Crowd-sourced gamers advance AIDS research


September 20, 2011

Players of the online game Foldit have helped determine the structure of an enzyme, which could be crucial to stopping the spread of AIDS

Players of the online game Foldit have helped determine the structure of an enzyme, which could be crucial to stopping the spread of AIDS

It was a puzzle that had thwarted scientists for almost a decade, but a collection of gamers was able to solve it in just three weeks. What the scientists wanted to know was the structure of retroviral proteases, a class of enzymes that play a key part in the maturation and proliferation of the AIDS virus. The mystery was crowd-sourced to the gaming community within an existing online game known as Foldit, by researchers from the University of Washington. The game challenges players to collaborate and compete in predicting the structure of protein molecules.

The gamers were collectively able to create models that were close enough to the real thing, that the researchers were able to refine the results within just a few days, and arrive at their answer. Not only do they now have a much better understanding of the enzyme, but specific surface areas on the molecule look like they could be good targets for its deactivation.

Thousands of players from all over the world took part in the challenge. Gamers progressed through different skill levels, using their 3D spatial abilities to virtually rotate chains of amino acids. A molecule-assembling program named Rosetta, along with onscreen manipulation tools, helped them in their task. One of those tools allowed them to copy parts of known molecules, and see how they might fit into the incomplete model. The researchers updated the puzzle as more pieces fell into place.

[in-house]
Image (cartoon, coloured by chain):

Now that the retroviral protease structure is known, the development process of drugs that can stop the AIDS virus may be greatly accelerated.

"People have spatial reasoning skills, something computers are not yet good at," said U Washington's Dr. Seth Cooper, lead designer and developer of Foldit. "Games provide a framework for bringing together the strengths of computers and humans [...] Gaming, science and computation can be combined to make advances that were not possible before."

The research was recently published in the journal Nature Structural & Molecular Biology.

About the Author
Ben Coxworth An experienced freelance writer, videographer and television producer, Ben's interest in all forms of innovation is particularly fanatical when it comes to human-powered transportation, film-making gear, environmentally-friendly technologies and anything that's designed to go underwater. He lives in Edmonton, Alberta, where he spends a lot of time going over the handlebars of his mountain bike, hanging out in off-leash parks, and wishing the Pacific Ocean wasn't so far away. All articles by Ben Coxworth

Maybe it\'s good for your kids to be playing all those video games, they could be training themselves to cure Aids! Really cool idea!

Kevin Cunningham

Seriously? And remember, today is NOT April 1.

If true, does this mean the team of game players could solve a variety of other folding puzzles?

If we could turn this discovery around from analysis to synthesis, and actually create practical quantities of customized large molecules, to order, everything we make and use could be be revolutionized, from shoes to cardiac drugs.

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